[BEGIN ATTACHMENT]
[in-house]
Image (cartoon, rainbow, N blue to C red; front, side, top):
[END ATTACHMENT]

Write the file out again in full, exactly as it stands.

[in-house]
Image (cartoon, rainbow, N blue to C red; front, side, top):